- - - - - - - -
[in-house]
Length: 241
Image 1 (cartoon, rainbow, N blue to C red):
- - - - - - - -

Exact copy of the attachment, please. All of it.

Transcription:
[in-house]
Length: 241
Image 1 (cartoon, rainbow, N blue to C red):